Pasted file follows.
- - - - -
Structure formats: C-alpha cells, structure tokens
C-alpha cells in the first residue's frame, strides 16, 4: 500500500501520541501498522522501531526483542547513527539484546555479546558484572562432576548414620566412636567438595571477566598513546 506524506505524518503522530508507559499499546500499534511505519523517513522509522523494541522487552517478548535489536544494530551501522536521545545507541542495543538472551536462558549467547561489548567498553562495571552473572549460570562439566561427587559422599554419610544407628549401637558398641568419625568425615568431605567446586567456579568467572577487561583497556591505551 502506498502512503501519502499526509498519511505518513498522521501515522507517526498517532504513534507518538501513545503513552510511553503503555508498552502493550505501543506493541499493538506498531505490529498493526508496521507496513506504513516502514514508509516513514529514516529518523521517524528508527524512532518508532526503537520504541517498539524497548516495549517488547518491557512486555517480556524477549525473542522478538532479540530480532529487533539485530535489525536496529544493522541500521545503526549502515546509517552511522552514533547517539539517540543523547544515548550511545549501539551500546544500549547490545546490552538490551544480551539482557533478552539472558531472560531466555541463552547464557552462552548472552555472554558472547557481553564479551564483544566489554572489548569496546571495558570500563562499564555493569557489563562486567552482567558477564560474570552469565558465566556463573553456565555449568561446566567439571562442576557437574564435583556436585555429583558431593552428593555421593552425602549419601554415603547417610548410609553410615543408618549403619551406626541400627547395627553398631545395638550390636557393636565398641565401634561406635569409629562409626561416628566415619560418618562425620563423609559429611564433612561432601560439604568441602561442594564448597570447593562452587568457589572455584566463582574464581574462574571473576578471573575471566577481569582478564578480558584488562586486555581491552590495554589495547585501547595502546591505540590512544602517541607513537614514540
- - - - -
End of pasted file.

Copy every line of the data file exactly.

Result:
Structure formats: C-alpha cells, structure tokens
C-alpha cells in the first residue's frame, strides 16, 4: 500500500501520541501498522522501531526483542547513527539484546555479546558484572562432576548414620566412636567438595571477566598513546 506524506505524518503522530508507559499499546500499534511505519523517513522509522523494541522487552517478548535489536544494530551501522536521545545507541542495543538472551536462558549467547561489548567498553562495571552473572549460570562439566561427587559422599554419610544407628549401637558398641568419625568425615568431605567446586567456579568467572577487561583497556591505551 502506498502512503501519502499526509498519511505518513498522521501515522507517526498517532504513534507518538501513545503513552510511553503503555508498552502493550505501543506493541499493538506498531505490529498493526508496521507496513506504513516502514514508509516513514529514516529518523521517524528508527524512532518508532526503537520504541517498539524497548516495549517488547518491557512486555517480556524477549525473542522478538532479540530480532529487533539485530535489525536496529544493522541500521545503526549502515546509517552511522552514533547517539539517540543523547544515548550511545549501539551500546544500549547490545546490552538490551544480551539482557533478552539472558531472560531466555541463552547464557552462552548472552555472554558472547557481553564479551564483544566489554572489548569496546571495558570500563562499564555493569557489563562486567552482567558477564560474570552469565558465566556463573553456565555449568561446566567439571562442576557437574564435583556436585555429583558431593552428593555421593552425602549419601554415603547417610548410609553410615543408618549403619551406626541400627547395627553398631545395638550390636557393636565398641565401634561406635569409629562409626561416628566415619560418618562425620563423609559429611564433612561432601560439604568441602561442594564448597570447593562452587568457589572455584566463582574464581574462574571473576578471573575471566577481569582478564578480558584488562586486555581491552590495554589495547585501547595502546591505540590512544602517541607513537614514540